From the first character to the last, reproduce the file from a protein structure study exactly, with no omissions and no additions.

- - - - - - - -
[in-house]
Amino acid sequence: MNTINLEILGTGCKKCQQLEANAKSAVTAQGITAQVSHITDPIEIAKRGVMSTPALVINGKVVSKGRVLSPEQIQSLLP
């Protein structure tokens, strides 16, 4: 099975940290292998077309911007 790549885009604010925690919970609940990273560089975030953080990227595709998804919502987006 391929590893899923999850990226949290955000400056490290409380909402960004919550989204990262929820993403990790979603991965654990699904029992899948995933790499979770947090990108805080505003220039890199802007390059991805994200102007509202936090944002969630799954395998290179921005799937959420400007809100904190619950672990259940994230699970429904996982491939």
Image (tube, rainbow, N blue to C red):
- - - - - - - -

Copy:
[in-house]
Amino acid sequence: MNTINLEILGTGCKKCQQLEANAKSAVTAQGITAQVSHITDPIEIAKRGVMSTPALVINGKVVSKGRVLSPEQIQSLLP
């Protein structure tokens, strides 16, 4: 099975940290292998077309911007 790549885009604010925690919970609940990273560089975030953080990227595709998804919502987006 391929590893899923999850990226949290955000400056490290409380909402960004919550989204990262929820993403990790979603991965654990699904029992899948995933790499979770947090990108805080505003220039890199802007390059991805994200102007509202936090944002969630799954395998290179921005799937959420400007809100904190619950672990259940994230699970429904996982491939």
Image (tube, rainbow, N blue to C red):